Shane Schaetzel is a Catholic convert from Evangelical Protestantism through Anglicanism.  Schaetzel writes the thoughtful blog as part of his lay ministry to spread the Good News through the written word.  Catholicism for Protestants (2013. Lulu)  draws upon his faith history, his love of language and history along with his religious education to answer some challenging spiritual queries that he has heard living in the buckle of the Bible Belt.  Schaetzel also sees Catholicism for Protestants to be a good primer for all Catholics on the fundamentals of the faith.

Schaetzel starts the book with his compelling personal faith history which underlies the material. But in an effort to show that there are many different kinds of Catholics, like there are many different kinds of Protestants, Schaetzel wrote: “There are: Roman Catholics, Byzantine Catholics, Maronite Catholics, Franciscans, Benedictines, Carmelites, and even Anglican Use Catholics”.  This conflates Churches (Roman, Maronite and “Byzantine” branch), with religious orders (Franciscan, Benedictines).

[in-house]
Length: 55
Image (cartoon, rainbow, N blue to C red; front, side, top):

Later, Schaetzel teaches that there are 23 rites in the Catholic Church.  It may be minor distinction but that is incorrect.  There are 23 Churches  which comprise Catholicism.  A Church may have several different rites.  For example, the Roman Church currently has the Roman rite, the Ambrosian (around Milan, Italy) and the Mozarabic (at several parishes in Toledo Spain).   Some might argue that Anglican Use is a rite, but for now it is part of a Personal Ordinariate established by Pope (Emeritus) Benedict XVI to reach out to High Church Anglican and reincorporate the richness of traditional English Patrimony in the Roman Church.

For those unfamiliar with these concepts, proclaiming yourself as a Roman Catholic layman of the Anglican Use could be kind of confusing as opposed to boldly proclaiming the author’s  point of view.